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09 Jul 2012

2011 Formation Analysis: Number of RBs Part II

by Rivers McCown

Continuing our look at game-charting statistics from the 2011 season that'll be featured in Football Outsiders Almanac 2012, this time we'll examine the tendencies and performances of run defenses based on the number of running backs they faced. (We did offenses two weeks ago.)

The big difference between the offensive stats and the defensive stats against multiple-back sets is the lack of definitive conclusions to be drawn from them.

Take last season. The three teams that saw the most multiple-back sets used against them were St. Louis, Indianapolis, and Cleveland. Simple narrative, right? Bad teams faced more multiple-back sets as teams tried to run the clock out against them. A little over halfway through the season, we ran a chart about the teams that spent the most game time in the lead, and those three teams spent the most time trailing. The only other teams that saw multiple-back sets 55 percent or more of the time, Seattle and Carolina, were also losing teams.

However, go back to 2010, and you'll find the teams that faced the most multiple-back sets were New Orleans, Seattle, and Cleveland. That's a pair of playoff teams, though one of them of course had a losing record in the regular season. The interesting thing is that St. Louis and Indianapolis finish above 60 percent again in 2010, along with a couple of teams you probably wouldn't expect in Atlanta and Philadelphia. On a per-play statistical basis, there doesn't seem to be much reason to target those teams heavily. Nor is there much precedent for this as a purely divisional thing -- if it were, we'd expect to see Tennessee in the mix because of Houston and Baltimore, and we wouldn't expect to see St. Louis at all since Seattle and Arizona haven't shown much of a bias and the 49ers only truly embraced multiple-back sets last season. My anecdotal guess would be that it has to do with perceived personnel weaknesses at linebacker. Most of these teams have had a solid man in the middle (D'Qwell Jackson, James Laurinaitis, Jonathan Vilma, Gary Brackett), but the outside positions have been in flux for the past few seasons.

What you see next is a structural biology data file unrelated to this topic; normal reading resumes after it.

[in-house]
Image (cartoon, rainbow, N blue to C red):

It certainly appeared that offenses were targeting these teams smartly, as four of the five teams that saw the most multiple-back sets in 2011 saw a decline in DVOA when facing them. Seattle actually was almost 15 percent better against multiple-back sets. However, they were slightly worse against it (~4 percent) in 2010. Perhaps old information was relied on?

The Eagles, weak linebackers and all, were the worst team in the league against single-back sets. That shouldn't be a surprise to their fans and they'll move forward with DeMeco Ryans and Mychal Kendricks hoping they've addressed that problem. The second-worst team against single-back sets, Tennessee, dealt with some rookie mistakes from Akeem Ayers and a half-season of a turnstile middle linebacker in Barrett Ruud. A full season of Colin McCarthy should help remedy half of that problem. The funny thing is that both Philadelphia and Tennessee were both much better against multiple-back sets. In fact, last year no team improved their run defense as much as those two did with multiple-back sets on the field. Perhaps that says something about the value of having an every-down linebacker who can tackle?

The teams that saw the fewest multiple-back sets also tend to clump together a bit. In 2011, the teams that saw under 40 percent of runs against them come from multiple-back sets included Dallas, Miami, Kansas City, and Oakland. In 2010? Miami was the only one, but if we scale back a little bit to hit 45 percent, we find Washington, Kansas City, New England, the Jets, and Baltimore. Again, this seems to tie into a trend we pointed out in our play-action defense post: the 3-4 defense. Every one of those teams besides Oakland is at least a hybrid defense, if not a pure 3-4.

Below are all the running statistics we keep for single- and multi-back formations, sorted by the difference in DVOA allowed between single-back and multi-back sets. This is about formation, not personnel: if a receiver is in the backfield, for the purposes of this study, he is counted as a back. Also, no Wildcat-style runs were counted, meaning we did not include (among a few other rare things) direct snaps to running backs or receivers.